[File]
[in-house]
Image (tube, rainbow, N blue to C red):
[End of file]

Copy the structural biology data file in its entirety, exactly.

[in-house]
Image (tube, rainbow, N blue to C red):